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Beach Boy Brian makes fans 'Smile'

Wilson was greeted warmly by his fans.
Wilson was greeted warmly by his fans.

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LONDON, England (CNN) -- Former Beach Boys star Brian Wilson has received glowing reviews after performing his lost masterpiece "Smile" for the first time in public.

The 61-year-old American, who worked for months on the album in the late 1960s but never released it, brought the house down at London's Royal Festival Hall Friday as the forgotten work received its world premiere.

On Saturday fans of the troubled musician were unrestrained in their praise of the sell-out concert, the first of a series around Britain. "I am completely overwhelmed by what I saw and heard last night," said one typical message posted by Sue on Wilson's official Website.

"There really are no words to fully describe Smile, it was the most magnificent concert I have ever seen. What a beautiful surprise, those of you waiting to see Brian unfold his TREASURE will be stunned by the whole concert. The set list was awesome, I sat there shaking by head thinking am I really here?"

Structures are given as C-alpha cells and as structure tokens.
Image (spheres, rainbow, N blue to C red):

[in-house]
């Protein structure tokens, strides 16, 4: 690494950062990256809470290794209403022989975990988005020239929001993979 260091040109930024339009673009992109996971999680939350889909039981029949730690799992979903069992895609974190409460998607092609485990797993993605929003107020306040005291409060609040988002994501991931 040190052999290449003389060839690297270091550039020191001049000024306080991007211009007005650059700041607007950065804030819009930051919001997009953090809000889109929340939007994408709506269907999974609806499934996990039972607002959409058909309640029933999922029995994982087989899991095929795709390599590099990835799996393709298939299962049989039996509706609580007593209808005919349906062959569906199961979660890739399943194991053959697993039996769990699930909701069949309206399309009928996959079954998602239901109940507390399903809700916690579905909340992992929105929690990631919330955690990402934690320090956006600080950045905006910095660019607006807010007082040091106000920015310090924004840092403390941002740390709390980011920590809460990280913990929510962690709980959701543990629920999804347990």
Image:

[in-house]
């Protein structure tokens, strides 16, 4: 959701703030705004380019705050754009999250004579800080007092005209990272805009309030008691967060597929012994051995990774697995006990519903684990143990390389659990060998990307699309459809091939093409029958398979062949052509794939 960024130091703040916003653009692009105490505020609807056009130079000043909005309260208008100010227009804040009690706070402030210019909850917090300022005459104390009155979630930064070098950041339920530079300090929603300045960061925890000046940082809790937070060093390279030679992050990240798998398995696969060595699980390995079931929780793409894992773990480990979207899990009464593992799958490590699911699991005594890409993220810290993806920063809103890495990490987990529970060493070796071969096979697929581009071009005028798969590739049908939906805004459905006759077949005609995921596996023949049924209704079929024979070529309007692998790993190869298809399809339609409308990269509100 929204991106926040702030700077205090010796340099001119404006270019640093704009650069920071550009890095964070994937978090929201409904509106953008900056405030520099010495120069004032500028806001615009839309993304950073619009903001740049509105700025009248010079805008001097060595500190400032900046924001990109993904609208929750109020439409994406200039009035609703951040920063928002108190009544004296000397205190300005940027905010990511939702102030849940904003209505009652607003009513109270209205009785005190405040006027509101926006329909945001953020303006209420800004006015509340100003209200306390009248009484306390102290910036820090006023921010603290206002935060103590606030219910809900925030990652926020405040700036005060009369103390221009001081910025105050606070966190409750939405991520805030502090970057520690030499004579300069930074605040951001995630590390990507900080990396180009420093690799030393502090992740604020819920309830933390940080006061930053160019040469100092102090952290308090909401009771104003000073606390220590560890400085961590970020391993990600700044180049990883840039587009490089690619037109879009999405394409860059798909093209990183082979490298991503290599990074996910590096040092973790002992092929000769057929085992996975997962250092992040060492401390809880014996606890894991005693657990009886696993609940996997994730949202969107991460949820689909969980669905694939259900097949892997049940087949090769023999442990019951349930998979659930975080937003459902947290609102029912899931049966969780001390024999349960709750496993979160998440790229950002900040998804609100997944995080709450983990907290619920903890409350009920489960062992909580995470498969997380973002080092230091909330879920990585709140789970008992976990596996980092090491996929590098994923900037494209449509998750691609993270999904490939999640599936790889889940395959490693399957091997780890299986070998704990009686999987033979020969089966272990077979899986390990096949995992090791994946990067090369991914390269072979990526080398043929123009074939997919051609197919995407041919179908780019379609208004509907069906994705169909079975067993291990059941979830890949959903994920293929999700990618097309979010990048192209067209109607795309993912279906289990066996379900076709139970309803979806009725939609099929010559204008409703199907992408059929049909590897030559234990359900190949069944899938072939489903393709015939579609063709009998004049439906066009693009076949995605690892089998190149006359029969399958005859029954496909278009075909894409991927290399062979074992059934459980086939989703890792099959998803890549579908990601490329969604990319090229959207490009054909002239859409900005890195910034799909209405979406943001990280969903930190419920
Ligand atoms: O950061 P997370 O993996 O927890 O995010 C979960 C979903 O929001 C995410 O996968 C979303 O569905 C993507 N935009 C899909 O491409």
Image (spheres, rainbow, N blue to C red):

The Press Association reported that grown men wept as Wilson performed about 20 songs, including Beach Boys classics such as "Wouldn't It Be Nice" and "California Girls."

Wilson, dressed in black and seated at a keyboard he played only occasionally, opened the concert with an unplugged set accompanied by his 11-strong band. Then he played "Smile" in its entirety in the second-half, concluding with the pop classic "Good Vibrations."

The star looked frail but upbeat, PA reported, as he introduced the songs -- but occasionally forgot his own lyrics.

1979 photo of the Beach Boys. They are, back row: Brian Wilson; Al Jardine; and Dennis Wilson. Front row: Mike Love; and Carl Wilson.
1979 photo of the Beach Boys. They are, back row: Brian Wilson; Al Jardine; and Dennis Wilson. Front row: Mike Love; and Carl Wilson.

The Guardian newspaper reported Saturday that fans "were neither shocked nor deterred by the diminished vocal powers of a man who once played a leading role in pop's greatest harmony group."

"In his grainy, sometimes quavering voice, his listeners could hear a poignant reflection of everything that has happened to him in the four decades since he brought a mythical California to life with songs such as 'I Get Around,' 'California Girls' and 'Fun Fun Fun.'"

"Smile" was designed to be a follow-up to the 1966 album "Pet Sounds" and an attempt to match the Beatles' "Revolver." However Wilson suffered a mental breakdown during the recording of the 1967 album and it was never released.

Legend has it that a spate of fires near Wilson's studio during a section of the album called "Fire" prompted him to shelve the project. He justified the decision by saying the songs were "not commercial."

The tapes are believed to have been sealed in a vault, with fragments of the songs only surfacing on other Beach Boys releases and bootlegs, giving rise to the 37-year "Smile" legend. As the Guardian said, its "very non-existence has made it an object of febrile speculation."


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